Some thoughts on translation


Translation is a three-player game. The players are: (1) the author, who wants to have their ideas or messages translated into another language as accurately as possible; (2) the reader, who wants to know what’s written in a foreign language as seamlessly as possible; and (3) the translator, who is always torn between the author’s intent and the reader’s desire.


The professional translator, by definition, translates texts assigned by somebody called “client”. When the client is the author, the translator tries to translate the source text as accurately as possible, even at the expense of readability. When the client is the reader, the translator tries to translate so that the end product is as readable as possible, even at the expense of word-for-word accuracy. So the translator is always a slave, either of the author or of the reader. Is that how it should be? I don’t think so.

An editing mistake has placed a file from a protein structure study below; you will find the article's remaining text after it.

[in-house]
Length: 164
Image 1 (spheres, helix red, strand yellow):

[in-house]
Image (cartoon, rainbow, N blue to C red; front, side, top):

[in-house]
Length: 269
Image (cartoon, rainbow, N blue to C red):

The translator should be a go-between, or an agent that connects the author with the reader. The translator receives the source text, interprets it, and expresses it in the language most effectively understood by the target reader. Sometimes the translator has to read between the lines to get the meaning hidden beneath what the author was saying. Sometimes the translator cuts a phrase or two (or even a sentence) to make the end product sound most natural without sacrificing the intention of the author. The translator is encouraged to be creative in a way that adds value to the original text and the reader’s time.


Good translation enhances the value of your international communication.